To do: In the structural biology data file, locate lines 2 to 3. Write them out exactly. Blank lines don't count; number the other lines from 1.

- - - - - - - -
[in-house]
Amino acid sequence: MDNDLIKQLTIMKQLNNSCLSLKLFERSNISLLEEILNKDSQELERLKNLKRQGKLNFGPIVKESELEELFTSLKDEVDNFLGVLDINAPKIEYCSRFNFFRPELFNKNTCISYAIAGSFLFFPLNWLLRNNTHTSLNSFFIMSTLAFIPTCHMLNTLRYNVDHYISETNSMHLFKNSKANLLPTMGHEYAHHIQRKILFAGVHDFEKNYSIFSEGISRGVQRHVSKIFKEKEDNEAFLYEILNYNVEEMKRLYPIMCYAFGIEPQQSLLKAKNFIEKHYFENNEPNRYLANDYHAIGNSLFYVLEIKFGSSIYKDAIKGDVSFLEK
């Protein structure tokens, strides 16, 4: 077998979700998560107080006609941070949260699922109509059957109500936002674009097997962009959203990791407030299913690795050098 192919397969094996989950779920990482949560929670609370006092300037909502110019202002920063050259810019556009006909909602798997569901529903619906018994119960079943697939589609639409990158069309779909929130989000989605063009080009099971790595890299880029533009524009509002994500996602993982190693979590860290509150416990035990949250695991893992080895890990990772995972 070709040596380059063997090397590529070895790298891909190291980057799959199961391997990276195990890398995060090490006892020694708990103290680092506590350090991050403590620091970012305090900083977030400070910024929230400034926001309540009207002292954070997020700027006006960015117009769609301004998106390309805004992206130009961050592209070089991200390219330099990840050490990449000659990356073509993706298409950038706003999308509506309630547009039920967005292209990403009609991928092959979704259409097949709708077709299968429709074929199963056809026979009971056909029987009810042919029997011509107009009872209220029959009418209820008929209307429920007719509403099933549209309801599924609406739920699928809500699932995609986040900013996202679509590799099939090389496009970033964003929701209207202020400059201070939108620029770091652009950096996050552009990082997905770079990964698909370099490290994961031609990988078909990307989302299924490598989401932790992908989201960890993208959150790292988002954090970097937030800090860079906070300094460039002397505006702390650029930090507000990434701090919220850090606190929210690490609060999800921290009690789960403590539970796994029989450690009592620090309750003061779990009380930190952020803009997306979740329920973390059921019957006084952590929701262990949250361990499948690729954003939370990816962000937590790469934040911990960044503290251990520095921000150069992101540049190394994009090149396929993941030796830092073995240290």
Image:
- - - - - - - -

Amino acid sequence: MDNDLIKQLTIMKQLNNSCLSLKLFERSNISLLEEILNKDSQELERLKNLKRQGKLNFGPIVKESELEELFTSLKDEVDNFLGVLDINAPKIEYCSRFNFFRPELFNKNTCISYAIAGSFLFFPLNWLLRNNTHTSLNSFFIMSTLAFIPTCHMLNTLRYNVDHYISETNSMHLFKNSKANLLPTMGHEYAHHIQRKILFAGVHDFEKNYSIFSEGISRGVQRHVSKIFKEKEDNEAFLYEILNYNVEEMKRLYPIMCYAFGIEPQQSLLKAKNFIEKHYFENNEPNRYLANDYHAIGNSLFYVLEIKFGSSIYKDAIKGDVSFLEK
């Protein structure tokens, strides 16, 4: 077998979700998560107080006609941070949260699922109509059957109500936002674009097997962009959203990791407030299913690795050098 192919397969094996989950779920990482949560929670609370006092300037909502110019202002920063050259810019556009006909909602798997569901529903619906018994119960079943697939589609639409990158069309779909929130989000989605063009080009099971790595890299880029533009524009509002994500996602993982190693979590860290509150416990035990949250695991893992080895890990990772995972 070709040596380059063997090397590529070895790298891909190291980057799959199961391997990276195990890398995060090490006892020694708990103290680092506590350090991050403590620091970012305090900083977030400070910024929230400034926001309540009207002292954070997020700027006006960015117009769609301004998106390309805004992206130009961050592209070089991200390219330099990840050490990449000659990356073509993706298409950038706003999308509506309630547009039920967005292209990403009609991928092959979704259409097949709708077709299968429709074929199963056809026979009971056909029987009810042919029997011509107009009872209220029959009418209820008929209307429920007719509403099933549209309801599924609406739920699928809500699932995609986040900013996202679509590799099939090389496009970033964003929701209207202020400059201070939108620029770091652009950096996050552009990082997905770079990964698909370099490290994961031609990988078909990307989302299924490598989401932790992908989201960890993208959150790292988002954090970097937030800090860079906070300094460039002397505006702390650029930090507000990434701090919220850090606190929210690490609060999800921290009690789960403590539970796994029989450690009592620090309750003061779990009380930190952020803009997306979740329920973390059921019957006084952590929701262990949250361990499948690729954003939370990816962000937590790469934040911990960044503290251990520095921000150069992101540049190394994009090149396929993941030796830092073995240290």